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FINANCIAL TIMES: First Calgary faces delay in bid process (ShellNews.net) 6 April 05

 

By James Boxell

Published: April 6 2005

 

Formal bidding for First Calgary, which put itself up for sale after a large gas find in Algeria, could be put back by two weeks as potential bidders consider whether the company is worth a premium to its 1.4bn market value.

 

Formal bidding for the biggest stock listed on Aim was scheduled to begin on the weekend of April 16 and 17. But a person close to the sale said interested parties had been "bitching about time and we might now lose a week or two".

 

News of the possible delay came as more details emerged on companies that have considered bids.

 

BG Group has accessed the data room, although it is uncertain whether this will lead to a formal offer. Eon, the German utility, Italy's Eni and Spain's Repsol - both oil and gas groups - have also taken a look.

 

Interest has also come from state-owned Chinese and Indian oil groups such as PetroChina and ONGC, which are eager to secure reserves for their energy-hungry governments.

 

Statoil of Norway, Total of France and Royal Dutch/ Shell have also been in the data room.

 

The person close to the sale process said 12 or 13 companies had expressed an interest and eight were considering bids.

 

First Calgary is understood to prefer a full sale at a premium to its market value, although some bidders would prefer to buy just the gas field. "It is impossible to tell who is the favourite until the bidding actually starts," the person said.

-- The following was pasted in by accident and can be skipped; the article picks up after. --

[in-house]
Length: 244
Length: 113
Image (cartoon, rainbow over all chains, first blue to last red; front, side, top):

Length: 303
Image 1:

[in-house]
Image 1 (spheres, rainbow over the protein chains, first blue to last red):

Lehman Brothers, First Calgary's bankers, are understood to be confident of a successful sale. But one London-based oil and gas banker said: "I think it's a challenge. I don't know anybody who is seriously able to match the value."

 

Concerns about whether First Calgary's high market value was deterring bidders have helped cut its share price by a quarter in the past month.

 

Yesterday, its shares rose 42p to 787p.

 

Last week, the company estimated that proved and probable reserves - the measure commonly used for industry valuations - from its Algerian gas and oil fields were worth about 690m when adjusted for possible future oil price changes and using a discount rate of 8 per cent. 

 

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